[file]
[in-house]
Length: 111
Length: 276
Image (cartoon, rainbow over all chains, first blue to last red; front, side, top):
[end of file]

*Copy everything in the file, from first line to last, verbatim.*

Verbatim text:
[in-house]
Length: 111
Length: 276
Image (cartoon, rainbow over all chains, first blue to last red; front, side, top):